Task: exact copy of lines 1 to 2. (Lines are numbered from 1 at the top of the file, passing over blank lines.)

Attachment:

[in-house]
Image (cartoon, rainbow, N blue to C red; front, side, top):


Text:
[in-house]
Image (cartoon, rainbow, N blue to C red; front, side, top):